Sedentary Underactive Underactive regular light activities Underactive regular Active
Gender
Female N=42 31(73.8%) 9(21.4%) 2(4.8%) 0(0.0%) 0(0.0%)            
Male N=318 86(27.0%) 167(52.5%) 48(15.1%) 6(1.9%) 11 (3.5%)
Age
<=30 N=76 15(19.7%) 41(53.9%) 16(21.1%) 1(1.3%) 3(3.9%)     .14
31-40 N=139 41(29.5%) 73(52.5%) 19(13.7%) 2(1.4%) 4(2.9%)
41-50 N=74 27(36.5%) 35(47.3%) 8(10.8%) 2(2.7%) 2(2.7%)
>50 N=71 34(47.9%) 27(38.0%) 7(9.9%) 1(1.4%) 2(2.8%)
BMI
Normal N=36 8(22.2%) 20(55.6%) 5(13.9%) 0(0.0%) 3(8.3%)     .43
Overweight N=42 14(33.3%) 19(45.2%) 8(19.0%) 0(0.0%) 1(2.4%)
Obese N=282 95(33.7%) 137(48.6%) 37(13.1%) 6(2.1%) 7(2.5%)
Off work because of severity
Absent <4 days N=141 38(27.0%) 74(52.5%) 24(17.0%) 1(0.7%) 4(2.8%)             .69
Absent >4 days N=18 4(22.2%) 10(55.6%) 3(16.7%) 0(0.0%) 1(5.6%)
No absence N=144 51(35.4%) 66(45.8%) 19(13.2%) 4(2.8%) 4(2.8%)
No disability N=53 21(39.6%) 25(47.2%) 4(7.5%) 1(1.9%) 2(3.8%)
No pain N=4 3(75.0%) 1(25.0%) 0(0.0%) 0(0.0%) 0(0.0%)
Job nature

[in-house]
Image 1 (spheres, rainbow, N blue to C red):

Manual N=118 10(8.5%) 55(46.6%) 39(33.1%) 5(4.2%) 9(7.6%)      
Non manual 147 45(30.6%) 94(63.9%) 6(4.1%) 1(0.7%) 1(0.7%)
Desk N=53 26(49.1%) 22(41.5%) 4(7.5%) 0(0.0%) 1(1.9%)
Housewife N=42 36(85.7%) 5(11.9%) 1(2.4%) 0(0.0%) 0(0.0%)
Variable RAPA 2 P-value
    No activity   Activity for strength Activity for flexibility Both  
Gender
Female 38(90.5%) 3(7.1%) 1(2.4%) 0(0.0%) 0.01
Male 208 (65.4%) 87(27.4%) 16(5.0%) 7(2.2%)
Age
<=30 41(53.9%) 27(35.5%) 4 (5.3%) 4(5.3%) 0.01
31-40 98(70.5%) 33(23.7%) 8(5.8%) 0(0.0%)
41-50 51(68.9%) 18(24.3%) 2(2.7%) 3(4.1%)
>50 56(78.9%) 12(16.9%) 3(4.2%) 0(0.0%)
BMI
Normal 24(66.7%) 9(25.0%) 2(5.6%) 1(2.8%) .98
Overweight 29(69.0%) 11(26.2%) 2(4.8%) 0(0.0%)
Obese 193(68.4%) 70(24.8%) 13(4.6%) 6(2.1%)
Off work because of severity
Absent <4 days 88(62.4%) 44(31.2%) 6(4.3%) 3(2.1%) .50
Absent >4 days 9(50.0%) 7(38.9%) 1(5.6%) 1(5.6%)